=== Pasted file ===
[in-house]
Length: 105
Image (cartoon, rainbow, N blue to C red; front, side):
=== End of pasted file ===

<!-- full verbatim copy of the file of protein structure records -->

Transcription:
[in-house]
Length: 105
Image (cartoon, rainbow, N blue to C red; front, side):